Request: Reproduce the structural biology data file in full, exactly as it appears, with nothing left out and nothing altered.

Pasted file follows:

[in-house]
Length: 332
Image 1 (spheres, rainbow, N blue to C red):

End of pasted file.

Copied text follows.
[in-house]
Length: 332
Image 1 (spheres, rainbow, N blue to C red):